Press Release: December 2, 2005
Applied Software Project Management: How to Get Software Projects on Track and Keep Them There
Sebastopol, CA--Many software organizations have problems delivering quality software that's finished on time and meets its users' needs. Fortunately, the root causes of these problems are few and easily understood. Solutions to the problems have been discovered, explained, and tested in thousands of software organizations around the world. For the most part, the solutions are straightforward and easy to implement. And yet, software projects continue to fail. The high incidence of failure might seem puzzling to some or even preordained, but longtime software developers Andrew Stellman and Jennifer Greene know that there are tried and true techniques that can help any project manager. "Avoiding these pitfalls is not hard," they explain, "but it's not necessarily intuitive." In their new book, Applied Software Project Management (O'Reilly, US $39.95), they share tools, techniques, and practical advice to get projects on track and keep them there.
"Jenny and I have been talking for years about what makes projects fail, and how to change the way we build software so that our projects succeed," explains Stellman. "When we were working together, we'd spend hours trying to figure out the root causes of our problems. And then, after we moved on to different organizations, we saw the same exact problems over and over again! We talked to a lot of people, and read a lot about project management techniques and practices. We expected to just fix our own problems, but discovered that everyone seems to suffer from the same ones. Something had to be done about this, and that was the inspiration for the book."
"We know that many software projects fail, and most projects fail the same way," Greene adds. "But instead of taking that as a call to arms, a rallying cry to avoid the common pitfalls and well-understood problems, a lot of software developers and managers take comfort in the fact that they're surrounded by lots of other failing projects!"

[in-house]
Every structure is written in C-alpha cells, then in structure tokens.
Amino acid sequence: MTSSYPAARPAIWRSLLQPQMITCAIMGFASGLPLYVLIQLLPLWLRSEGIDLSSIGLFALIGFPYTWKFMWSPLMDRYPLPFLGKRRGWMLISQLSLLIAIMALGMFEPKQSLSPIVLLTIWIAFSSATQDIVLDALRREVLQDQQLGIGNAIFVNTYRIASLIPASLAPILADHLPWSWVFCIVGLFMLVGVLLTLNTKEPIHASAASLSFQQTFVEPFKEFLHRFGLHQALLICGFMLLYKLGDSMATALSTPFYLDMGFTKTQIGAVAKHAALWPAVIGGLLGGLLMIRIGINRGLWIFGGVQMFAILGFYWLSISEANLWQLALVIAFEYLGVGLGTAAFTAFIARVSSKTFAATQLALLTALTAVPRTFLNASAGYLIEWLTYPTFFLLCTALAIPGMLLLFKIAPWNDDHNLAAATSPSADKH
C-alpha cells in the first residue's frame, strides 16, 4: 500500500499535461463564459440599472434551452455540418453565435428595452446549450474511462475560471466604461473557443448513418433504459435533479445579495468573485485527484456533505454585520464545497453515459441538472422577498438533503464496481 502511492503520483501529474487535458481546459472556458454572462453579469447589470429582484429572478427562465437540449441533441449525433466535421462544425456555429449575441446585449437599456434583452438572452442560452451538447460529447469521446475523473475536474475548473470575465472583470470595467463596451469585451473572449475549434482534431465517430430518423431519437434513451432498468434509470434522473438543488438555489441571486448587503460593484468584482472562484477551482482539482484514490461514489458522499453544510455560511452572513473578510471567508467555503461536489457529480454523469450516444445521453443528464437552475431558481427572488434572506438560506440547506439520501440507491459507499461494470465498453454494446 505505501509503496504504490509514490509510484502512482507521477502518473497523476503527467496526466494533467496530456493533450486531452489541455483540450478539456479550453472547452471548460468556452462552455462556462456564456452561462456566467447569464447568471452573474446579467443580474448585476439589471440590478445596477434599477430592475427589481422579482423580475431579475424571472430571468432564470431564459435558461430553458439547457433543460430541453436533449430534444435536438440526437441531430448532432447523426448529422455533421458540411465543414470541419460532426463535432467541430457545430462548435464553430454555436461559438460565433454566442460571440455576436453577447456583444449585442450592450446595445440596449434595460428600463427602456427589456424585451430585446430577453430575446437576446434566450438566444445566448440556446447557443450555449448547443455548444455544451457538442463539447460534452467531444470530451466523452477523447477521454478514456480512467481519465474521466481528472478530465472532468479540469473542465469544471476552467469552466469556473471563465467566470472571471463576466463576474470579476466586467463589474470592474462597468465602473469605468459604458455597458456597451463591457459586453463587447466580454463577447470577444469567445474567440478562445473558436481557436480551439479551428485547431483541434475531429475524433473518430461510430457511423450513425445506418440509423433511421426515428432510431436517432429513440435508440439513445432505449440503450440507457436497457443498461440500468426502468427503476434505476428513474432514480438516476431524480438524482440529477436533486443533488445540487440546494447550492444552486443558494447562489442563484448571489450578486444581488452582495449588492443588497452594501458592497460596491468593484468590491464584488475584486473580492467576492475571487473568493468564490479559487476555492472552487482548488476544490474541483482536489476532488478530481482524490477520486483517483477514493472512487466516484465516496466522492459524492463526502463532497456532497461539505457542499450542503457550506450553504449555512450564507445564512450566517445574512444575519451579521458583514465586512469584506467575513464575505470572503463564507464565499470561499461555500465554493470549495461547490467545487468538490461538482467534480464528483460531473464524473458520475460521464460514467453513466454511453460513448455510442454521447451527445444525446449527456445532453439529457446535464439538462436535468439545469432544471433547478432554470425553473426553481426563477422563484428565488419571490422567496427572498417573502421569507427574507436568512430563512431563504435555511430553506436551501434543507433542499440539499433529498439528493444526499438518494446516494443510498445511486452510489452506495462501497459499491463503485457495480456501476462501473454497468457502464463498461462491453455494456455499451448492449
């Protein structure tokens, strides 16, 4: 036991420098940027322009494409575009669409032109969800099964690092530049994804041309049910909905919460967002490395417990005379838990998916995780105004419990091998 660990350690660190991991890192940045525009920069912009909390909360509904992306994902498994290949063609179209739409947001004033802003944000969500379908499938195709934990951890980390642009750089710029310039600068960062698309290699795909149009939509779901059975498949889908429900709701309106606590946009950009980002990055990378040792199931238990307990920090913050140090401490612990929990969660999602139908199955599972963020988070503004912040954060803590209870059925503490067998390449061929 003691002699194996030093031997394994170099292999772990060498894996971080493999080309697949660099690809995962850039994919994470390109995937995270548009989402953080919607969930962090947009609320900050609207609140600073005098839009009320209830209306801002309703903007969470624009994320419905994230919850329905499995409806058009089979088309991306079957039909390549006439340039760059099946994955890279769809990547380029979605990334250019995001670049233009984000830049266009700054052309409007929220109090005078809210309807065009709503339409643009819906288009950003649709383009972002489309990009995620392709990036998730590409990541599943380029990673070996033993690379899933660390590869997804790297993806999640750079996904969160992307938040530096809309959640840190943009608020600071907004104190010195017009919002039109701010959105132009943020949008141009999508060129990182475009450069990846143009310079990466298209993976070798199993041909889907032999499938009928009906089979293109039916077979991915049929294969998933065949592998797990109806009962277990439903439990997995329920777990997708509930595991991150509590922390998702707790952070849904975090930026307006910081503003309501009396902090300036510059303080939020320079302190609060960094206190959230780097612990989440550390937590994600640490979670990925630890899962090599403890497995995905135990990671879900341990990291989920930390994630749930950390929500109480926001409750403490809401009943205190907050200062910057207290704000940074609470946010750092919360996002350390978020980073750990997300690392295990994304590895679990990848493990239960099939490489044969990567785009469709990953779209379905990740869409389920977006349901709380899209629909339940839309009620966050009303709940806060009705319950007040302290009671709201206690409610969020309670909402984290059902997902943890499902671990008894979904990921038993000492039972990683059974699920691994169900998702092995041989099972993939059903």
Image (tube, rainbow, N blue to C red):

"They feel like it's not possible to succeed, like these traps are so common because it's impossible to avoid them," says Stellman.
Stellman and Greene are convinced that failure is entirely avoidable. In Applied Software Project Management they take a practical approach, describing the specific tools, techniques, and practices needed to run a successful software project or fix an ailing one. A project manager can use the book to diagnose and fix the most serious problems that plague software projects. They also share advice on avoiding the problems that a project manager might encounter when bringing these tools into an organization.
"There's a pervasive--and incorrect--idea that all of the research that's been done on project failure and fixing their root causes is somehow 'just academic.' The truth is that a lot of people have misinterpreted the information that they've been given," Greene observes. "They've had a lot of trouble implementing the ideas, and the reason that they've had trouble has to do with politics more often than the validity of the ideas themselves."
"To boil it down--and this is a core principle we talk about in the book--many projects are run entirely on gut instincts," Stellman adds. "But the specific problems that plague software projects are really resistant to management by gut instincts! If you manage a project with your gut, and only make decisions based on your intuition, you'll keep running into the same problems. And those are the ones we talk about in the book."
"So the book first explains the engineering aspects of the tools, techniques, and practices that are needed in order to solve the problems that cause project failure," says Greene. "But then it goes further, addressing why people are resistant to these ideas and giving advice to project managers who need to navigate the thorny political problems that prevent them from successfully implementing the practices."
From planning a software project to building a schedule, gathering software requirements, managing the design, programming, and testing of software, and even effecting changes in the way projects are run in one's organization, Stellman and Greene have covered every aspect of software production that can and has gone awry. Anyone who has struggled with chronic problems producing software on schedule and without defects will find much-needed clarity in this book.
Early praise for Applied Software Project Management:
"If you're looking for solid, easy to follow advice on estimation, requirements gathering, managing change and more, you can stop now: this is the book for you."
--Scott Berkun, author of "The Art of Project Management
- The book's companion web site
- Chapter 3, "Estimation"
- More information about the book, including table of contents, index, author bios, and samples
- A cover graphic in JPEG format
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